Originals | Design
My favorite one out of all of the compositions. This is an old rusty pipe with a rather sinister-looking red spray paint over it. This was my favorite because I had to put in plenty of effort to achieve typography that would match the spray paint. The first drafts over the print out were done with clean, round lines; which caused a total mismatch if I compared it with the look of the spray paint. The professor indicated to me that the type had to match the mood of the object. I had many issues finding the correct letters because of the shape of the blob; I tried a horizontal “M”, and then a vertical “E”. The letter “E” made more sense but what word would express what I was seeing in the pipe? The smudge looked like blood dripping down, so I thought about the word “Terror” for the mood. I tried but couldn’t make the smear look like a “T” therefore I looked for synonyms of the word terror and came up with the word “Creep”. To achieve this “Creepy” look I had to write the word in chalk, then smear it with my hands, and grab wet cotton balls and dab it over the chalk to get the “Bloody” look. Overall had a lot of fun with the process of making this setup.
“Look Through the Peephole”
This is a door viewer, the ones that allow an individual to look from the inside to the outside of a door. It was only natural I decided to go for a word like “Look” because that’s exactly what you do when you use this object. Plus the peek hole is a round shape that simulates an “O”. Finding the mood for this composition was a child’s play because the object already had the shape and a word that matched the item. I opted to go with bright colors because since it’s something you have to “look at” it demands your sight’s attention and what better way to do that other than with colors and bold letters.
“Rubber on Ground”
This arrangement worked out because of the black rubber on the floor that gave me the idea to have it function as a counter of the letter “A”. I went for the word “Art” because I think graffitis are art.
What I learned with this project is that colors have a psychological meaning on the viewer, and if the combination of colors is not balanced the composition will be spiky on the viewer’s eyes. For example, I selected red as my favorite color, while I was creating the complementary color composition I realized that adding green to it generated a clash in the image since they are both strong colors. To remediate this I decided to add the green in the background and red in the foreground and it toned down the intensity of the complimentary composition.
I chose the color red because for me it’s a powerful color. It is a color that motivates people to take action, we associate it with love, passion, energy danger, strength, and war. This resonates with me because I’m the kind of person that if there’s a problem to be solved I always decide to take immediate action. It’s an intense color that demands immediate attention. I even researched the psychological meaning of the color which has tremendous effects on the viewer, it increases metabolism, increases respiration rate and even raises blood pressure.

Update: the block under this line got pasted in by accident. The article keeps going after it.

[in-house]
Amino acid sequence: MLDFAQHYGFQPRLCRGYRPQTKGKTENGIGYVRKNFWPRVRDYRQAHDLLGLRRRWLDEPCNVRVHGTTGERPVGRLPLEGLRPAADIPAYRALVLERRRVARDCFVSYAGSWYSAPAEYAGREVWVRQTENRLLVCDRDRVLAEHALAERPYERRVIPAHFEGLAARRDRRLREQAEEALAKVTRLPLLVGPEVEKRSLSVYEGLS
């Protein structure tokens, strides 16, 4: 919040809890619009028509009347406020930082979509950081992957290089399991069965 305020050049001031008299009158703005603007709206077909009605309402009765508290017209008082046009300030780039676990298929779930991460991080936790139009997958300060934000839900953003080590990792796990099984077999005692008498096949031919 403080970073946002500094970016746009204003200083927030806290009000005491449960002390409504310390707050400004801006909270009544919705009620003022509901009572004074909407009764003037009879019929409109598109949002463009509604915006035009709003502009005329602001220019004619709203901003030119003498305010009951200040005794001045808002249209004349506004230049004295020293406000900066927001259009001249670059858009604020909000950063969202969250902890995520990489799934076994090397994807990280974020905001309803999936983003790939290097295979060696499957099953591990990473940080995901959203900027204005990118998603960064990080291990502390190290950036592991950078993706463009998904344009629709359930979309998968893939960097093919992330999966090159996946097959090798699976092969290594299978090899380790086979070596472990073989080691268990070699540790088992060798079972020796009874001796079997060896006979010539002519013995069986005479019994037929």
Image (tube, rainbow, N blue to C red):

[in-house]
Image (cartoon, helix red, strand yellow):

While doing the lines I recognized that the texture of the dunes was part flowing down and the other part was static with no movement at all. I decided to represent this with a mixture of fun, serifed type to represent the flowing sand. While the san-serifed typography represents the parts where the sand texture looks static.
This was the first type drawing, I was still figuring out the thickness of the lines and the typography I was going to follow. Here I did all cursive with inking brush and pen.
Again a more artistic approach. The typography was more of a statement. It says: Sloggishly flowing down.
For this ornamental pattern, I selected medieval-looking, ultra-serifed typography perfect to give that retro feeling that I got from the original picture.
Pattern Case Study:
I felt an ornamental and retro mood from the pattern. Therefore I started studying Ornamental lines. Drawing different ornamental lines of several widths allowed me to create a pattern to work with and guide me while I was working on the bigger picture.
For this line pattern, I selected a theme which was the “Fleur-de-lys”. The fleur is very representative of the ornamental designs and found it a perfect inspiration for this design. I based the darker colors of the composition just by the thickness of the pens and not by repetition and filling the space.
Pattern Line drawing with ornamental and retro lines. Repetition and thickness allowed me to make the darker spaces seem denser and fuller.
Texture Case Study: Sand Dunes
The texture picture I selected had sand dunes in it, this picture made me feel tranquil and serene. In the following case study I decided to test how lines could mimic the downward motion as sand in the desert dunes. I tested several line designs of different thickness to see which most effectively conveyed a sense of smoothness and flowing motion the sand has while it trickles down from the dune peaks. I followed my designs taking these lines as inspiration
First texture line composition, simple lines that went down recreating the downward motion of the dunes. Here I tried to understand how to represent motion through lines. Mostly used the ink brush to represent shadows.
This is my second composition trying to understand how the different lines give out different feelings and emotions.
In the third ink composition I decided to go all out and get artistic with the lines. Traced each line with thin ink pen, this was great because this gave me greater understanding of how the shadows and highlights worked in the original picture. After I was ready to continue to the second part of the project